Social Media Commerce: Blog for Your Business
When you feel you’re ready to take the next step in social media commerce and do something beyond a business website, you can develop a blog to connect with customers. Blogs provide a place for your company to enhance its message as well as to respond to readers’ comments. A blog (from web log) can be a commentary, as in a journal, or a description of events.
The Technorati 2011 State of the Blogosphere cited some important figures about entrepreneur bloggers:
13% of the blogosphere is characterized as entrepreneurs, or individuals blogging for a company or organization they own. 84% of these bloggers blog primarily about the industry they work in, with 46% blogging about business and 40% about technology. 76% blog to share expertise; 70% blog to gain professional recognition; and 68% to attract new clients for their business.
Sound about right to you? If this sounds like a good idea, a blog may be for you — or your business.
When considering whether to blog, start by searching for blogs in your industry to see what others are doing. You might become inspired.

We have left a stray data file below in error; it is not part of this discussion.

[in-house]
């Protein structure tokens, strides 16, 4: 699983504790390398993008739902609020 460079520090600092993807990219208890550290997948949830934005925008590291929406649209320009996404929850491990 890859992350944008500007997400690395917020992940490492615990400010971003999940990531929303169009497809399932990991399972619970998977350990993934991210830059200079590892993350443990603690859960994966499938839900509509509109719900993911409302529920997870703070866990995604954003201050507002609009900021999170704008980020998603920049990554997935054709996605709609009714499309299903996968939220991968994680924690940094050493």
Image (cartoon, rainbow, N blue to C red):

Some people view a blog as a low-cost alternative to a website, but that position is simply not the case. Instead, if you want a blog in addition to your website, make sure your blog is linked to several times from within your company site.
To blog successfully, you must
Enjoy writing — or at the very least, enjoy researching the web for tidbits on your industry to share
Have a good command of the English language and grammar
Schedule a time to produce your blog and be prepared to post at least once a week
Your company’s blogger should be you, a respected employee, or a family member. If you won’t be blogging yourself, you must be comfortable that the blogger’s message reflects what you would say yourself.
Becky McCray is a small-business expert and coauthor of Small Town Rules. She also writes an occasional blog post for her liquor store, Allen’s Retail Liquor Store. This retail store’s blog is filled with interesting facts and tips that are geared toward her local audience. She hosts the site with Google’s Blogger.
This figure shows how engaging content can be just about anything that has to do with your business.
She offered the following advice for small business blogs: Write down every basic question a customer asks you. Start today, and do this for two weeks. If you end up with a long list of questions you can answer, you have enough material to start a blog. Combine those questions with information about your products, and you’ll have the start of your own commercial blog.
Becky adds, The one BIG secret to making it work? Focus on what the customers want to know, not what you want to tell them about your business.